What is Adderall withdrawal?
Are you planning to go through Adderall (a combination of amphetamine salts) withdrawal?
Can I just stop taking Adderall? Not a good idea. Because of how long Adderall is used to treat ADHD, the body develops physical dependence on Adderall, making it hard to withdraw from the amphetamines in Adderall. How long until Adderall withdrawal starts? Generally, a few hours after Adderall effects wear off. Here, we review what happens in the body when you withdraw from Adderall and why. Plus, a section on how Adderall withdrawal feels and what kinds of treatmentscan help ease symptoms. We invite your questions about withdrawing from Adderall at the end.
What is Adderall withdrawal syndrome?
Adderall is a drug that is considered a central nervous system stimulant. It is prescribed if you have ADHD. Like a pendulum, once you are off Adderall you move from feeling on top of the world to fatigue, anxiety, and body agitation. But why does this happen?
Once you abruptly stopped using Adderall or significantly reduce your daily dosage, the body will experience a period of withdrawal. Withdrawal happens because the brain is trying to compensate for the stimulant effect Adderall has on the central nervous system. Because Adderall increases activity in the body, once you stop taking Adderall, the brain rebounds sometimes resulting in extremes symptoms of fatigue, and waves of intense craving. Craving and long period of sleep make it harder to stop a dependence on Adderall.
What is withdrawal from Adderall like?
Withdrawing from Adderall is extremely unpleasant and is one of the worst medications to stop because of the physical dependence that develops over time. Withdrawing from Adderall can also be extremely dangerous. Unlike a depressant that speeds up body during withdrawal, Adderall withdrawal is actually the opposite, slowing the body to such a degree that long periods of sleep will occur. There can be several symptoms that might occur after you stop taking Adderall. The more common symptoms of Adderall withdrawal can include:
- abnormally long sleep cycles
- dysphoria (generalized dissatisfaction with life)
- extreme fatigue
What does Adderall withdrawal feel like?
Adderall withdrawal can feel exhausting and lethargic. You will probably feel the need to nap more or sleep for longer periods of time. You may feel more agitated/irritable and have a harder time regulating your emotions. There are also increased feelings of depression or anhedonia. Onset of these symptoms starts about 12 hours after taking your last dose of Adderall. And acute symptoms which result from stopping Adderall can last for several months after you cease using Adderall, making withdrawal feel long and tiring.
What helps Adderall withdrawal?
It is important that you are monitored by a physician during Adderall withdrawal so that a medical professional can slowly decrease Adderall doses and taper amphetamine salts to minimize the effects of withdrawal symptoms. If you are using Adderall recreationally (here and there), it may be possible to stop Adderall cold turkey but symptoms will still be severe, especially when mixing Adderall with other substances. If you have been taking Adderall over a long period of time, stopping suddenly Adderall is not advised. Three possible treatments for Adderall withdrawal include: tapering, medications, and home remedies.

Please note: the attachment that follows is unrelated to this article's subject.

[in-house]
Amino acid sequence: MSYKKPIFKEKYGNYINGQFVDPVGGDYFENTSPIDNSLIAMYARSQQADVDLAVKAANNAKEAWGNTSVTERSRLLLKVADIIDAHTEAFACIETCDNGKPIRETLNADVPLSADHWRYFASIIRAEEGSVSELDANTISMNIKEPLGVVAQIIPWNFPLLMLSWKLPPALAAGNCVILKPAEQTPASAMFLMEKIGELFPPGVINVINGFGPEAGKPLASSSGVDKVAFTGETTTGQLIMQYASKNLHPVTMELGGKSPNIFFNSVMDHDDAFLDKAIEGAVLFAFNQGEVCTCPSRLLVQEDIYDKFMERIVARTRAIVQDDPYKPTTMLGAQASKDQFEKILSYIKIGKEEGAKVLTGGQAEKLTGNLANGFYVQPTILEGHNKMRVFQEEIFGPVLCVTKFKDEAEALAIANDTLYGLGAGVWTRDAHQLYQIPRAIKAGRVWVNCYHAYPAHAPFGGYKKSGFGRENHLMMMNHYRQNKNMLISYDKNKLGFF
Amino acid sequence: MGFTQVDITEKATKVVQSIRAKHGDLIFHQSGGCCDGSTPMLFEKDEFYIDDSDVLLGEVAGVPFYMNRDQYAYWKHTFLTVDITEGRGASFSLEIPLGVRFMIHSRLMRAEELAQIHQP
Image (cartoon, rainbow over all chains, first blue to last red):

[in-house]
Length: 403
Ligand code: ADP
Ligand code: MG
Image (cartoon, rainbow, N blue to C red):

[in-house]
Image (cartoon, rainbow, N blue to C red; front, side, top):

1. Home remedies for Adderall withdrawal – For symptoms of fatigue , some people recommend caffeine in monitored quantities can help with fatigue, getting yourself on a regular sleeping schedule, exercise help relegate endorphins in the body, cold packs to help with the increase in your body temperature and talk therapy. Magnesium supplements have also been suggested to help make new cells in the body and activate B vitamins.
2. Medications – Sometimes doctors will prescribe antidepressants such as Wellbutrin to help with depression and apathy that occur during Adderall withdrawal but there should be care in how these methods are used.
3. Tapering – The best way to detox from Adderall is to slowly reduce and tapper your use of Adderall. It can take several weeks to wean a person off of Adderall. During this process you may have intense cravings as Adderall is physically addicting. For this reason, it is important to talk to someone and make sure you have supports available to you to help counter act the intense psychological aspects of Adderall withdrawal.
In general, the recommended procedure for tapering off Adderall is to first reduce Adderall intake in weekly increments until the presence of withdrawal symptoms emerge. After this, the rate of reduction should decease slowly to allocate for withdrawal symptoms. Once the symptoms have waned, further reductions should be made until the last few milligrams of the drug have been administered.
Questions about Adderall withdrawal
Do you still have questions about Adderall Withdrawal? Please share your questions and experiences with Adderall in the comments section below. And we’ll try to respond to your Adderall questions personally ASAP.